The pristine rainforests and the rugged natural beauty of the Osa Peninsula make this region among the most beautiful areas in Costa Rica. Declared one of the most biologically intense places on earth by the National Geographic Magazine, the Osa Peninsula along with Drake Bay have today, become the premier eco-tourism destination in the county. The region offer tourists everything from knowledgeable guides for hiking the rainforest, to whale and dolphin watching tours, to simply lying on the beach and relaxing in the sun. The Osa Peninsula is a secluded nature wonderland, playing home to many of the country's rare and endangered animal and bird species including the puma, jaguar, Harpy Eagle and Scarlet Macaw. With a large chunk of the peninsula forming the Corcovado National Park, this area has the single largest expanse of a lowland tropical rainforest in Central America and is one of the tallest rainforests in the world.
Once a very remote town, Puerto Jimenez has become one of the largest towns on the Osa. This laidback town is one of the main gateways to Corcovado National Park. The last town before one can enter the park premises, a main ranger station is situated here with many tourists using this town to stock up on supplies before they trek their way through the gorgeous and diverse wildlife the Corcovado National Park has to offer.
With a history of being a key gold mining and logging town before the Park was created, the locals in the area still log and mine gold here, but in much smaller numbers as this entire region is now a protected habitat. In and around Puerto Jimenez, there is much to see and do. Sport fishing excursions can be arranged, while for the more adventurous, hiking, rappelling, mountain biking and kayaking tours are on hand. If you prefer a more relaxed holiday, take a dolphin watching tour of the lovely Golfo Dulce and the Pacific, or simply sit on the beach to view some of the most amazing sunsets in all of Costa Rica.
During the day you can explore this small town and its surrounding environs to catch a glimpse of the rare and beautiful Scarlet Macaws as they fly overhead. With some world class angling, eco tours are the major draw of this town where you can spot up to 4 different monkey species and many brightly colored birds.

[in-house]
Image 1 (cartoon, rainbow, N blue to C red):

A major southern port until the mid 1980's, Golfito was the center of banana exporting for the region, with the United Fruit Company's headquarters being based in the north of town. Since they left, the town has suffered from major economic loss and unemployment, but with the advent of tourism, the community is slowly rebuilding itself on more modern lines. A rustic and tranquil place with plenty of hotels and accommodations, many people use Golfito as a stopover before heading to the stunning beaches of Playa Zancudo, Pavones, and Piedras Blancas National Park. Sportfishing is also another major highlight, with many sport fishermen using Golfito as a home base while they are out catching Pacific sailfish. The best season for this is November to May.
Corcovado National Park
Ecologically varied, the Corcovado National Park is among the most biologically intense places on earth. Located on the wild and untamed Osa Peninsula, this national park is breathtakingly beautiful and is one of the remotest parks in the country. Home to the largest and only tropical primary lowland rainforest in the world, the Corcovado National Park is also the habitat of a plethora of endangered plant and animal species.
Created in 1975 to protect this gorgeous region from illegal gold mining and logging, the Parque Nacional Corcovado is today, an extremely popular ecotourism destination. Mostly undisturbed because of its isolation and inaccessibility, it is home to the beautiful Scarlet Macaws as well as the Resplendent Quetzals, the Red-Eyed Tree Frog and the Tapir, the largest terrestrial mammal in Central and South America.
Exotic and lush, the Corcovado National Park is home to thirteen major ecosystems that range from mangrove swamps and jolillo palm groves to montane forests, lagoons, beaches, freshwater herbaceous swamps and primary lowland rainforests. Encompassing over 41,000 hectares the park protects over 140 different mammal species; 400 bird species, 20 of which are endemic; 116 amphibian and reptile species, 40 species of fish and at least 500 species of trees. Habitat of the rare Harbor Squirrel Monkey and the Harpy Eagle, the Corcovado Park also is a great place to spot the poison arrow frog, indigenous wild cats, crocodiles, pumas and jaguars as well as four species of sea turtles.
Extremely hot and humid most of the year, this park has plenty of rainfall but is a joy to hike through with its dense forestation that opens up onto stunningly beautiful beaches. With its virgin beauty, visiting this park allows you to experience nature at its finest and promises an incredible adventure for those who dare to trail blaze their way through this amazing region. Hiking is very popular here, and there are four ranger stations found at strategic locations from each other. The best way to see this park is to take a guided tour, as there are plenty of wild animals that roam around. Hire a guide in Drake Bay or Puerto Jimenez to have the perfect adventure vacation.